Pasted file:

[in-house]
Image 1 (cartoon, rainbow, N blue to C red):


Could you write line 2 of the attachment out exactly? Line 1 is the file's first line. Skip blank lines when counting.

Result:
Image 1 (cartoon, rainbow, N blue to C red):